My neighbour is a doctor. He is 33, lives alone, works long hours and socialises a lot. He hardly ever watches television. Then, more out of neighbourly courtesy than any sense of expectation, he downloaded 4OD. Now he is hooked. He has rediscovered The Word, watched the £250,000 episode of Deal or No Deal, sampled Ugly Betty and downloaded Child Genius. He is not a marketing creation, he is a genuine consumer, rediscovering TV on his own terms.
And he is not alone. Millions of Channel 4 programmes have been watched on demand through the TV and PC and the users are increasing all the time. 2007 is turning out to be the year when on-demand platforms have arrived. Virgin Media put VOD at the heart of its relaunched platform, the much-awaited BT Vision has arrived, Sky has launched Sky Anytime, then there are iTunes, Amazon Unbox, Microsoft Xbox, Google, Yahoo!, Sony PSP ...
So is this a TV revolution or a blip on the linear viewing landscape? It is too soon to tell definitively. Estimates vary widely from 5 per cent to 50 per cent of viewing being on demand by 2012. It is a technology here to stay, and those who have tried it like it, and are coming back for more. Our audience - 16- to 34-year-old weighted - are typical early adopters of new technologies and we recognised that if we did not immediately take a strong position in the on-demand market, others would do it for us.
Long regarded as pushing boundaries and innovative, Channel 4 is a natural destination for viewers seeking content they know they like, legally and virus-free, from a brand they understand and trust. So we are not dipping our toe in on-demand waters, we have plunged in head first. In October, we launched a comprehensive service on Virgin Media, with BT Vision and Homechoice added since. And 4OD, our own downloadable player, launched in December.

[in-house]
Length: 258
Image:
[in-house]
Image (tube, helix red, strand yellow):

Hot on the heels of being the first broadcaster in the UK to simulcast its channel online, we became the first globally to put all its commissioned content online. Agreements with more than 100 indies are complemented by US studio deals, so premieres of Ugly Betty, Desperate Housewives, ER, The OC and Smallville, among others, are available exclusively on 4OD. And we have only just started. Our archive is growing all the time, we are adding to our film line-up and content from other broadcasters is coming soon. We are developing partnerships with other online players, and our on-air marketing has seen downloads of our application rocket.
So we are there with a vengeance, learning about a market by experimenting from within. And now we are looking for commercial partners to come and learn with us. With the introduction of advertising on the PC in March and later in the year on 4OD on TV, we believe we are bringing an innovative and exciting product to market. Early usage data is proving our initial gut feeling right: viewers in the on-demand world show a higher level of appreciation for the content, are more engaged with it, more receptive to messages delivered around it and retain a higher sense of awareness. They know what they are looking for, but once there, are prepared to try new things. We know who they are, where they live and what else they watch. And we have listened to what they tell us about their tolerance for commercial messages. There will be fewer commercial messages than the viewer is used to, so the chance of cutting through a viewer's consciousness is higher. New functionality will be rolling out across the year, with more personalisation, and we are looking for advertisers willing to speak to these viewers with as much flair and creativity as they are demanding of us as a broadcaster. VOD is not just a technology, it is a rich consumer experience; one we are proud to be developing and are keen to share.
- Sarah Rose is the head of VOD and channel development at Channel 4.